Start Date

2-12-2004 12:00 AM

Description

The Iowa phosphorus (P) index is an assessment tool that was developed to assess the risk of P loss from fields to water resources. It provides a risk rating that also can be used to prioritize fields or field zones for manure or fertilizer P application and for implementing improved soil conservation practices. Scientists have been proposing such a tool since the early 1990s, and it has evolved from a simple subjective tool to a more complete objective tool without becoming a complex model of P flow. The need for a P index has its origin in two main issues. One is that P accumulation in many soils in excess of amounts needed by crops has increased P losses from fields and has resulted in poor water quality in many streams and lakes. Water quality is impaired through a process known as eutrophication, which occurs when nutrient levels in water (mainly P) are high and stimulate excessive algae growth. Excessive algae growth reduces water oxygen levels and creates ecological imbalances that result in reduced populations of desirable fish species as well as reduced drinking and recreational value of lakes and streams. The second issue is that P loss from fields cannot be appropriately assessed or predicted only from knowledge of soil-test P, manure or fertilizer P applied, and method of P application used. Although these P source factors are important, how P can move off fields through various transport mechanisms is as important. Therefore, a new tool that integrates P source and transport factors was needed to estimate risk of P loss from fields. The P index also provides information useful to decide among several soil conservation and manure or fertilizer P management practices that can maintain a low risk of P loss or can reduce it.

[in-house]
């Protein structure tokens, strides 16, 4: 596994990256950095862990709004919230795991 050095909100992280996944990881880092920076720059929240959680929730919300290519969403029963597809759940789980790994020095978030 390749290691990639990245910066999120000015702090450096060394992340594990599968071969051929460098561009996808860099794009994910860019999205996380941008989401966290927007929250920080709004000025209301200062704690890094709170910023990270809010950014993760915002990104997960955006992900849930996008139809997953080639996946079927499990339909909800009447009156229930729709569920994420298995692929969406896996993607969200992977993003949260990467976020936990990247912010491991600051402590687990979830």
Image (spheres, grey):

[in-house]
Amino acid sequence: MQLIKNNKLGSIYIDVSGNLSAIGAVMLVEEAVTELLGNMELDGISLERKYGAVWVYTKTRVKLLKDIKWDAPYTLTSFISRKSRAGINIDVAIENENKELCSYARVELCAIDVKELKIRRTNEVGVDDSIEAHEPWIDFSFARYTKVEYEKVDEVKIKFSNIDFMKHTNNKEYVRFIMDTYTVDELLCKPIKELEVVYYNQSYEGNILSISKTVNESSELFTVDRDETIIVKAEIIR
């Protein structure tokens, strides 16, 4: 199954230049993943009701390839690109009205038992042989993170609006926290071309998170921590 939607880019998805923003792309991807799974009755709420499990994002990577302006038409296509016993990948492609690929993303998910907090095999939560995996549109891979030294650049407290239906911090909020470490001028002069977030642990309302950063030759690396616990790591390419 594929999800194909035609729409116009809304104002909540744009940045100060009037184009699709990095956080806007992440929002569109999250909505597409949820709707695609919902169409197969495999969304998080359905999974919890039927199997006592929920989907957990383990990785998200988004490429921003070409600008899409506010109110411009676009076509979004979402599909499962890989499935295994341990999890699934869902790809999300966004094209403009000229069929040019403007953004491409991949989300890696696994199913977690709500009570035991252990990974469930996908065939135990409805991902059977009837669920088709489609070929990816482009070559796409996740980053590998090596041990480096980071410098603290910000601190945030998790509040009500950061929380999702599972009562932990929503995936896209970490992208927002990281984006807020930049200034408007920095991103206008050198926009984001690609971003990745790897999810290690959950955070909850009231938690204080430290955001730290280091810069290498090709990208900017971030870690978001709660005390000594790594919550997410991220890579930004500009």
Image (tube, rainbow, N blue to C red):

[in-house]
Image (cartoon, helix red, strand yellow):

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Dec 2nd, 12:00 AM

On-Farm Implementation of the Phosphorus Index Observed Risk Ratings and Impacts on Fertilizer and Manure Phosphorus Management

The Iowa phosphorus (P) index is an assessment tool that was developed to assess the risk of P loss from fields to water resources. It provides a risk rating that also can be used to prioritize fields or field zones for manure or fertilizer P application and for implementing improved soil conservation practices. Scientists have been proposing such a tool since the early 1990s, and it has evolved from a simple subjective tool to a more complete objective tool without becoming a complex model of P flow. The need for a P index has its origin in two main issues. One is that P accumulation in many soils in excess of amounts needed by crops has increased P losses from fields and has resulted in poor water quality in many streams and lakes. Water quality is impaired through a process known as eutrophication, which occurs when nutrient levels in water (mainly P) are high and stimulate excessive algae growth. Excessive algae growth reduces water oxygen levels and creates ecological imbalances that result in reduced populations of desirable fish species as well as reduced drinking and recreational value of lakes and streams. The second issue is that P loss from fields cannot be appropriately assessed or predicted only from knowledge of soil-test P, manure or fertilizer P applied, and method of P application used. Although these P source factors are important, how P can move off fields through various transport mechanisms is as important. Therefore, a new tool that integrates P source and transport factors was needed to estimate risk of P loss from fields. The P index also provides information useful to decide among several soil conservation and manure or fertilizer P management practices that can maintain a low risk of P loss or can reduce it.

 

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